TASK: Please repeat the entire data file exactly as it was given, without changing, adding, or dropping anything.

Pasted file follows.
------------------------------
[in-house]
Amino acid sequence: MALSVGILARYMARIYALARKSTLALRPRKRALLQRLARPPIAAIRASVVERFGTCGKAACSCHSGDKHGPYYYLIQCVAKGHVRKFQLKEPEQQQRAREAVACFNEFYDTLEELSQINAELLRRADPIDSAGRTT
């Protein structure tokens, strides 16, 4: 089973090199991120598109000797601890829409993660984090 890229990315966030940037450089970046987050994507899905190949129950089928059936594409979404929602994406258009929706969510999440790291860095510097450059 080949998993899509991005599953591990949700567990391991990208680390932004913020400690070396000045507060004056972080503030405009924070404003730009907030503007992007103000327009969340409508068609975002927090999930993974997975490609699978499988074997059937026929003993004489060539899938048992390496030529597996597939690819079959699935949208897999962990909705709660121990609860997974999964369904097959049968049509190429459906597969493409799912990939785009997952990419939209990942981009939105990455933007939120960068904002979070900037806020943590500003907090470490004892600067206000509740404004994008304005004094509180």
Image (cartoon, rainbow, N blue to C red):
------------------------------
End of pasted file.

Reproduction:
[in-house]
Amino acid sequence: MALSVGILARYMARIYALARKSTLALRPRKRALLQRLARPPIAAIRASVVERFGTCGKAACSCHSGDKHGPYYYLIQCVAKGHVRKFQLKEPEQQQRAREAVACFNEFYDTLEELSQINAELLRRADPIDSAGRTT
């Protein structure tokens, strides 16, 4: 089973090199991120598109000797601890829409993660984090 890229990315966030940037450089970046987050994507899905190949129950089928059936594409979404929602994406258009929706969510999440790291860095510097450059 080949998993899509991005599953591990949700567990391991990208680390932004913020400690070396000045507060004056972080503030405009924070404003730009907030503007992007103000327009969340409508068609975002927090999930993974997975490609699978499988074997059937026929003993004489060539899938048992390496030529597996597939690819079959699935949208897999962990909705709660121990609860997974999964369904097959049968049509190429459906597969493409799912990939785009997952990419939209990942981009939105990455933007939120960068904002979070900037806020943590500003907090470490004892600067206000509740404004994008304005004094509180």
Image (cartoon, rainbow, N blue to C red):